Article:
July 3, 2009, Adrian Wojnarowski:
“Turkoglu had agreed on a five-year, $50 million deal with the Blazers, but changed his mind and is headed for a five-year, $53 million deal with the Raptors. Toronto would have to renounce three free agents – Shawn Marion, Carlos Delfino and Anthony Parker – to create the cap space for Turkoglu.”
This is a surprise, and I’m not happy. It’s not that Turkoglu is a bad player; it’s that I think this is a bad signing. He’s 30 already, was never really worth $10 million a year, and the thought of renouncing all the free agents and losing the right to use the mid-level and bi-annual exceptions makes me sick. Assuming everything goes forward as I expect it to, my home team will look like this:
PG: Jose Calderon, Roko Ukic, Marcus Banks
SG: DeMar DeRozan
SF: Hedo Turkoglu
PF: Chris Bosh, Reggie Evans, Kris Humphries
C: Andrea Bargnani, Patrick O’Bryant
Of course, that’s only 10 guys. 11 if you count guard Quincy Douby, who is on the team but has a contract is not guaranteed. The remainder of the roster must be filled with minimum salary players. And while it is certainly possible to Morey it, finding a rotation player with only a minimum deal at your disposal is a difficult thing to do.
The roster has gaping holes. Point guard depth, wing play, rebounding, and athleticism were lacking in 2008-2009. The only player I’d be comfortable calling a “good defender” here is the third-string point guard. As much as I love the DeMar DeRozan pick, I am terrified of counting on just him and minimum salary guys to fix all of this. Turkoglu represents an offensive upgrade over Shawn Marion, but downgrading in rebounding and defense makes little sense for this squad.
I don’t see this team making the playoffs and, if I’m right, I don’t see Chris Bosh wanting to stay in Toronto. And if I’m right about that, well… fuck. I don’t want to be right about that. He might be the best player this franchise has ever had and I can’t bear to see him leave as he approaches his prime. Blah.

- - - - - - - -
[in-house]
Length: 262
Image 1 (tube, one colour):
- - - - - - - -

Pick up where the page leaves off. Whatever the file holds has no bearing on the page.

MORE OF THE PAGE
July 9, 2009, Chad Ford & Marc Stein:
The Dallas Mavericks and Toronto Raptors, living up to the wild tenor of the past few weeks in the NBA, have hatched a complicated sign-and-trade arrangement that went through numerous constructions Wednesday before resulting in an agreement in principle that will send Shawn Marion to Dallas and absorb the Raptors’ much-anticipated signing of Hedo Turkoglu.
This is a surprise, and… wow. Memphis facilitated another big deal? Didn’t Otis Smith say he wouldn’t do a sign-and-trade? Antoine Wright’s coming, too? Devean George’s agent can’t nix this, right?
The deal means that the Raptors don’t have to renounce their free agents and they get to keep their mid-level and bi-annual exceptions. Bryan Colangelo was prepared to fill the roster out with minimum salary guys, but now he doesn’t have to. Suddenly, the future isn’t quite so bleak. I still don’t like Turkoglu’s contract, but he can play. Anthony Parker’s rumoured to be headed to Cleveland, but he loves Toronto and maybe he’ll spurn them like Turk spurned Portland. Delfino’s a decent wing guy and it seems like he wants to come back. I’ve heard Rasho Nesterovic would probably take the bi-annual exception and this team could use his post defense. And there are a handful of players I’d love to sign with the mid-level.